Research News Roundup: June 9, 2022

    Adverse Childhood Experiences and Overdose: Lessons from Overdose Data to Action

    Journal: American Journal of Preventive Medicine, 2022, doi: 10.1016/j.amepre.2021.11.015

    Authors: April C. Wisdom, Madhumita Govindu, Stephen J. Liu, Christina M. Meyers, Jenelle L. Mellerson, Derrick W. Gervin, Lara DePadilla & Kristin M. Holland


    Introduction: Adverse childhood experiences and overdose are linked in a cycle that affects individuals and communities across generations. The Centers for Disease Control and Prevention’s Overdose Data to Action cooperative agreement supports a comprehensive public health approach to overdose prevention and response activities across the U.S. Exposure to traumatic events during childhood can increase the risk for myriad health outcomes, including overdose; therefore, many Overdose Data to Action recipients leveraged funds to address adverse childhood experiences.

    Methods: In 2021, an inventory of Overdose Data to Action‒funded activities implemented in 2019 and 2020 showed that 34 of the 66 recipients proposed overdose prevention activities that support people who have experienced adverse childhood experiences or that focus on preventing the intergenerational transmission of adverse childhood experiences. Activities were coded by adverse childhood experience prevention strategy, level of the social ecology, and whether they focused on neonatal abstinence syndrome.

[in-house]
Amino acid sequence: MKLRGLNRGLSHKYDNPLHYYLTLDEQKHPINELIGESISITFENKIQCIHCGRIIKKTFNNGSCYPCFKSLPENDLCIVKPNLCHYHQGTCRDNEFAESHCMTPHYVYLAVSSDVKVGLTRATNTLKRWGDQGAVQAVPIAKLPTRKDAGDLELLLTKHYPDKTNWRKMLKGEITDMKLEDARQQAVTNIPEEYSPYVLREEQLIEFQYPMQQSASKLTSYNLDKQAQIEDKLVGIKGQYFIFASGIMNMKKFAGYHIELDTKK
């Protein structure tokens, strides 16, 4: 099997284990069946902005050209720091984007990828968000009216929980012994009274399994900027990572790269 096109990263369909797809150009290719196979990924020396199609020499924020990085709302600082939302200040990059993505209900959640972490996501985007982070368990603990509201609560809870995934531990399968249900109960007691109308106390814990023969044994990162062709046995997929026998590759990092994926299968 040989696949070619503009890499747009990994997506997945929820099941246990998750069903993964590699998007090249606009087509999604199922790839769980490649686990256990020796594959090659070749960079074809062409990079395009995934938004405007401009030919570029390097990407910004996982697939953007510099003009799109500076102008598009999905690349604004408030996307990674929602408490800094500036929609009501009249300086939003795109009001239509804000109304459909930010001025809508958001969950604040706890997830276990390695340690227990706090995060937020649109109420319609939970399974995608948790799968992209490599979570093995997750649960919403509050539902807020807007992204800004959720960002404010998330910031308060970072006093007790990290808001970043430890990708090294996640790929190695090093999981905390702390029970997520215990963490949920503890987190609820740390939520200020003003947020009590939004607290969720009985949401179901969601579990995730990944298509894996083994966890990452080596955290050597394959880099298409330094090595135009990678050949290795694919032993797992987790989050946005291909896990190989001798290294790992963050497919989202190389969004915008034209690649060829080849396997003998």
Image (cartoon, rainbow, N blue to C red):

Results: Most activities among Overdose Data to Action recipients occurred at the community level of the social‒ecologic model and under the intervene to lessen harms adverse childhood experience prevention strategy. Of the 84 adverse childhood experience‒related activities taking place across 34 jurisdictions, 44 are focused on neonatal abstinence syndrome.

    Conclusions: Study results highlight the opportunities to expand the breadth of adverse childhood experience prevention strategies across the social ecology. Implementing cross-cutting overdose and adverse childhood experience‒related activities that span the social‒ecologic model are critical for population-level change and have the potential for the broadest impact. Focusing on neonatal abstinence syndrome also offers a unique intervention opportunity for both adverse childhood experience and overdose prevention.

    To read the full text of the article, please visit the publisher’s website.

    Changes in Cigarette and E-Cigarette Use among US Young Adults from before to during the COVID-19 Pandemic: News Exposure and Risk Perceptions as Potential Predictors

    Journal: Tobacco Prevention & Cessation, 2022, doi: 10.18332/tpc/148245

    Authors: Breesa Bennett, Katelyn F. Romm & Carla J. Berg


    Introduction: COVID-19 impacted cigarette and e-cigarette use behaviors among some individuals. This study examined COVID-19 factors and prior substance use as predictors of cigarette and e-cigarette cessation and initiation among US young adults from before to during the COVID-19 pandemic.